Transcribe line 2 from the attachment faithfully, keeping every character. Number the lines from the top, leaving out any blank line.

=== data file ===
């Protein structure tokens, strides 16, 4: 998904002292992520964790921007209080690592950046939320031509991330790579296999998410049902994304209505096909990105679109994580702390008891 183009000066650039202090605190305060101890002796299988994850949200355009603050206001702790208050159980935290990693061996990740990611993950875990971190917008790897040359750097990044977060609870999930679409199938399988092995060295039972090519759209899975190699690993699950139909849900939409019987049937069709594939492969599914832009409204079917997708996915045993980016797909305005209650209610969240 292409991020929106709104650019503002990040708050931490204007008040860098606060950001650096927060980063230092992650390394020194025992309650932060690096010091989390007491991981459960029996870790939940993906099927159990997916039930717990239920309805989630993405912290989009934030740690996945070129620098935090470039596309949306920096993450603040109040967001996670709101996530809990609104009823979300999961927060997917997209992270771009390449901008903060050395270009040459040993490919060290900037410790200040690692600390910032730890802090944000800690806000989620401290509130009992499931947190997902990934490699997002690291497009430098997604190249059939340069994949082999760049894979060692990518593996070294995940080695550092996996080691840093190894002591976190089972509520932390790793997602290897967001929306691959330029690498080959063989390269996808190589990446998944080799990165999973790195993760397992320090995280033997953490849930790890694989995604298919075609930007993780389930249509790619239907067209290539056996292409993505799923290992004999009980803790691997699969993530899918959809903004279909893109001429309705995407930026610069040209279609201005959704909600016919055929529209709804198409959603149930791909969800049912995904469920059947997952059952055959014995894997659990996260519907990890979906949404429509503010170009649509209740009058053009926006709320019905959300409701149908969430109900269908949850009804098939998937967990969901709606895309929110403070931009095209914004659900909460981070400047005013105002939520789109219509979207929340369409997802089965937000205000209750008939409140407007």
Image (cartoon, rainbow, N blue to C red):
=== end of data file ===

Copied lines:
Image (cartoon, rainbow, N blue to C red):